Today's EHR vendors were not built to solve medicine's modern problems

Interoperability and value-based care are some of healthcare's biggest issues today. No one questions whether or not these issues will come to fruition. Polarization only begins when healthcare stakeholders begin to discuss how interoperability and value-based models of payment will be achieved.

Joshua Newman, MD, CMO and GM Healthcare and Life Sciences of cloud computing company Salesforce, discusses where hospitals and health systems are on the road to succeeding in a world of value as king, how health IT vendors fit in and how interoperability will be solved by fresh faces, rather than legacy companies.

Note: Interview has been lightly edited for length and clarity.

Question: Reimbursement models are already moving away from fee-for-service to a more value-based formula. Do you expect this trend to continue in 2016?

Dr. Joshua Newman: I have exposure to this trend in a couple of different areas. A lot of healthcare stakeholders are making the investment in the chronic disease space because this takes up so much of the spend. The second area is in a more acute domain, including things like orthopedic surgery, cancer and transplants. The job here isn't to take care of large populations with aggregate benefits, but to benefit individual patients with costly cases. There are champions in both of these areas.

In my space, I see uncertainty of how to get scalable value out of chronic disease. On the other side, there is a lot of excitement from those who want to make quality improvements in the acute care space. I see both of these areas growing. The second, the acute care space, is smaller in total volume, but it will grow faster because there are more dollars.

Q: Are hospitals and health systems prepared for this change?

JN: I have tremendous respect for the difficult job hospitals and health systems do, but when we look at the requirements to really embrace value-based care, the understanding, technology and workforce just aren't there yet. We have a conservative culture in medicine. We have yet to fully change to a modern industry. There aren't the mature technologies available on the enterprise scale with the necessary adaptability, yet.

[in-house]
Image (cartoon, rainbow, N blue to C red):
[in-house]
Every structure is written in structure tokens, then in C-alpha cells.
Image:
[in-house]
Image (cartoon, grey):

Q: What are vendors doing to handle this transition?

JN: At Salesforce, we offer our Health Cloud. We distinguish ourselves from other vendors because we have enterprise scale, but we also have the flexibility of a startup. Compared to our competitors that aggregate a number of different technologies, we have it all on one platform.

Legacy EHR vendors have a ton of clinical data, a big advantage. But, they have very old on-premise code bases. It can take years to add new functionalities. Smaller vendors can tackle one disease state, and they do that very well, but it is hard for them to expand beyond that. They are not of sufficient size or sophistication to solve enterprise-wide problems.

The answer goes beyond just us. We will hopefully see a new generation of platforms from other vendors that can handle value-based care.

Q: What role does interoperability play in this issue?

JN: The old days of doing it by yourself are gone. Fortunately, EHRs have digitized medicine. We are grateful for the work done by Epic and other major vendors, but they were built to solve fee-for-service medicine problems. They took arcane paper-based systems and created digital organization. The problem is they are less equipped to take on modern problems.

Instead, there are a proliferation of startups and other companies figuring out the interoperability problem. I see a handful of startups that are really credible and strong; they are just building momentum. When we start seeing key customers have success, there will be an incredible increase in enabling technology from these companies.

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